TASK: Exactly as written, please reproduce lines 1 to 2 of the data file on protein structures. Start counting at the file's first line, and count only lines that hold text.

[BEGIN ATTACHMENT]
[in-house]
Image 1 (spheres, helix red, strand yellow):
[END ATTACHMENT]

[in-house]
Image 1 (spheres, helix red, strand yellow):